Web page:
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Celebrating the Moment
The walls are going up, and it’s time to make decisions on the things I’ve been vacillating over—kitchen layout, furniture placement, entry space usage, etc. The current design allows the master bedroom to be part of the main room. Large, asymmetrical double doors open up a large portion of the wall (see plan). Do I want my bedroom to feel like more of an extension of the space, or do I want it to be a separate entity? Do I need a mudroom? Just how muddy is it? Do I really want to live in the country? It’s all quite daunting.
Elevation of asymmetrical bedroom door
I wish I could find a better way of showing this. Can you tell what you’re looking at? The door between the bed and living room is so wide, it allows the bedroom to become part of the larger space. Or I could use only the small door and keep it more private.
Take a deep breath and remember that you are a design professional; you do this for a living. Relax. You’re a mature adult going through a rite of passage (though, yes, rather late in life). You will come through this a wiser, more mature and, for sure, poorer individual. So what if you’re using up all your savings? Who cares that you owe more money than you ever thought possible? The bigger picture is you now co-own a house with Kinderhook Bank; you’re partnered with Visa on some fabulous kitchen cabinets; you’re sharing custody of a car with Volkswagen Credit; and you’re joined with Master Card on a myriad of household items. You’re pretty sure you own your land outright. Does that make you landed gentry?
So back to issue at hand—DESIGN. The main goal in the design is to create the most flexible, adaptable space possible. The whole purpose of having one large living space is that it will work for anything and everything—formal sitting room, dining room, flower arranging room, discotheque. Possibilities abound!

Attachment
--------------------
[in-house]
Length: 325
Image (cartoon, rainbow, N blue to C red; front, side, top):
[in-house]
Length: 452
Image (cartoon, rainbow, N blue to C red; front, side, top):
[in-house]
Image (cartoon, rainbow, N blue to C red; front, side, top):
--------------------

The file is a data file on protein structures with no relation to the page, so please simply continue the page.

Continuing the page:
Going further with this concept, all the surfaces should offer the same freedom—nothing precious, nothing to worry about. I’ve chosen concrete floors and honed granite countertops. The high ceilings and large windows will make the place bright and airy. The over-scaled fireplace is a focal point and, along with radiant heat, a source of warmth.
Example of a concrete floor
The kitchen, an integral part of the main room, should have function as the guiding rule in its design. I don’t cook (the refrigerator in my NYC apartment has been broken for 15 years), so the location of the phone jack is essential. Some of the local restaurants require reservations.
In response to the hundreds of comments regarding the front door placement, I have decided to put it in the entry pavilion (how novel!), as per my architect’s design. Please note, Laura Bohn, how flexible I can be! And Kitty Hawks, retiring may have been a little extreme. Stopping short of a porte-cochere, I will, in the words of my first employer John Saladino “celebrate the moment of entry.”